As a trainee teacher back in the 80’s, I attended a fascinating conference about Oracy. I was inspired by a wide range of ideas about how a talk-rich curriculum could support powerful learning. The National Curriculum (introduced a year later) included ‘speaking and listening’ but the statutory assessments for reading and writing that followed, led to oracy taking something of a back seat.
In the intervening years researchers like Robin Alexander or Dr Nadia Siddique have continued to evidence the importance of building a strong oral culture in schools. In response to concerns such as the way teachers limit rich talk by seeking predictable answers, Alexander created his theory of ‘Dialogic Teaching’ which defines the characteristics of effective dialogue. Reflecting on her recent analysis of the Philosophy 4 Children programme Siddique talks about how opportunities to talk are an important way of nourishing a child’s natural curiosity and supporting the social, emotional and cognitive development of all children, and in particular the least advantaged.
Thanks to the researchers, oracy is now firmly back on the agenda. But as with any new demand, and with teachers under increasing pressure of one kind and another, the question in many people’s minds is how to find the time to become expert at teaching this on top of everything else. There is undoubtedly a lot of interesting theory to explore, but my first response would be to suggest that we might be more experienced in using dialogic principles than we realise, and that tapping into this capability will achieve a good deal before we have found the time to read the books or attend the training.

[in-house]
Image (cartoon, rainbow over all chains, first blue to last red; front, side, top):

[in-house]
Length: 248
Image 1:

When I work with teachers to help them build a talk-rich learning culture, the first thing I suggest is that they exchange as much teacherly talk as possible for a way of talking we all use in other contexts. I encourage them to talk more like the curious, imaginative people they might be with a group of friends or colleagues. They might ask genuine questions (rather than questions with predictable answers), they might share half-baked ideas (rather than present as the expert), they might respectfully contradict someone else or be open to the possibility that their idea is not as good as an alternative one. In short I encourage teachers to allow dialogue to take shape in a more authentic way.
When teachers model what effective and engaging dialogue involves they notice children gaining the confidence to join in and build their own skills. Safe in the knowledge that speaking and listening is not about getting something right, children instead enjoy a kind of collaboration where one question to leads to another and where we all get cleverer as a result.
If you would like to to attend a short workshop about how to create a talk-rich learning culture please click here. If you are interested in bespoke CPD for your school please message Lizzie via the Contact page.